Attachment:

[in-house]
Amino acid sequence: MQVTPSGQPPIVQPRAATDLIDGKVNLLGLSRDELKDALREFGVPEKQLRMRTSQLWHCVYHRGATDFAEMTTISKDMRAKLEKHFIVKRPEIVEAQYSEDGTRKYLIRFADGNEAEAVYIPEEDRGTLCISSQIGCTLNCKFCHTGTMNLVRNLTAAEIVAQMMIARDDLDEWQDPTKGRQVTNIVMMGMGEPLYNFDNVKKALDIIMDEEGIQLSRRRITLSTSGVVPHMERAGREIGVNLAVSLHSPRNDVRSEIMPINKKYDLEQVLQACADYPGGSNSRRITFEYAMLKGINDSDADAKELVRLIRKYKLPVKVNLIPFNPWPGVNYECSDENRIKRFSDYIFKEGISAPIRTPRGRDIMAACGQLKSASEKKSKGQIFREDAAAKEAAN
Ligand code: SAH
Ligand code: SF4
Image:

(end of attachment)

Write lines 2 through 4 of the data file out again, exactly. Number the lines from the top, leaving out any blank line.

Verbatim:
Amino acid sequence: MQVTPSGQPPIVQPRAATDLIDGKVNLLGLSRDELKDALREFGVPEKQLRMRTSQLWHCVYHRGATDFAEMTTISKDMRAKLEKHFIVKRPEIVEAQYSEDGTRKYLIRFADGNEAEAVYIPEEDRGTLCISSQIGCTLNCKFCHTGTMNLVRNLTAAEIVAQMMIARDDLDEWQDPTKGRQVTNIVMMGMGEPLYNFDNVKKALDIIMDEEGIQLSRRRITLSTSGVVPHMERAGREIGVNLAVSLHSPRNDVRSEIMPINKKYDLEQVLQACADYPGGSNSRRITFEYAMLKGINDSDADAKELVRLIRKYKLPVKVNLIPFNPWPGVNYECSDENRIKRFSDYIFKEGISAPIRTPRGRDIMAACGQLKSASEKKSKGQIFREDAAAKEAAN
Ligand code: SAH
Ligand code: SF4